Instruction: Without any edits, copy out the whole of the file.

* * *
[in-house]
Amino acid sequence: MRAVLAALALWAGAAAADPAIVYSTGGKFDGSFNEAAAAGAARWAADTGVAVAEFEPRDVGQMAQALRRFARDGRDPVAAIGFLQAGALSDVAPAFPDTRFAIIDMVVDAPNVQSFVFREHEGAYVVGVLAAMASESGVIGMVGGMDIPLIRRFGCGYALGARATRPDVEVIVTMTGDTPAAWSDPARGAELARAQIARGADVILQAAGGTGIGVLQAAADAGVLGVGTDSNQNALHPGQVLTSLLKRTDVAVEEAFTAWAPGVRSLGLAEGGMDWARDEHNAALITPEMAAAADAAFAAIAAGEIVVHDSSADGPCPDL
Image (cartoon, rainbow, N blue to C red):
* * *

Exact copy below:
[in-house]
Amino acid sequence: MRAVLAALALWAGAAAADPAIVYSTGGKFDGSFNEAAAAGAARWAADTGVAVAEFEPRDVGQMAQALRRFARDGRDPVAAIGFLQAGALSDVAPAFPDTRFAIIDMVVDAPNVQSFVFREHEGAYVVGVLAAMASESGVIGMVGGMDIPLIRRFGCGYALGARATRPDVEVIVTMTGDTPAAWSDPARGAELARAQIARGADVILQAAGGTGIGVLQAAADAGVLGVGTDSNQNALHPGQVLTSLLKRTDVAVEEAFTAWAPGVRSLGLAEGGMDWARDEHNAALITPEMAAAADAAFAAIAAGEIVVHDSSADGPCPDL
Image (cartoon, rainbow, N blue to C red):